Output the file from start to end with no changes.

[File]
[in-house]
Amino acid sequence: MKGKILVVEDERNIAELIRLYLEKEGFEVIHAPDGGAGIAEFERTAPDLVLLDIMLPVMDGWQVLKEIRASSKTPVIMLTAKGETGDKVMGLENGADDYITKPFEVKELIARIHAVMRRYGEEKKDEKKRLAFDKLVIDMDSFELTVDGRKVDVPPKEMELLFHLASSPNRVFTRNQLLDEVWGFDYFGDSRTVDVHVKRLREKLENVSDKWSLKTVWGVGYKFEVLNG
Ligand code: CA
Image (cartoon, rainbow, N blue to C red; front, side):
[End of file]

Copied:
[in-house]
Amino acid sequence: MKGKILVVEDERNIAELIRLYLEKEGFEVIHAPDGGAGIAEFERTAPDLVLLDIMLPVMDGWQVLKEIRASSKTPVIMLTAKGETGDKVMGLENGADDYITKPFEVKELIARIHAVMRRYGEEKKDEKKRLAFDKLVIDMDSFELTVDGRKVDVPPKEMELLFHLASSPNRVFTRNQLLDEVWGFDYFGDSRTVDVHVKRLREKLENVSDKWSLKTVWGVGYKFEVLNG
Ligand code: CA
Image (cartoon, rainbow, N blue to C red; front, side):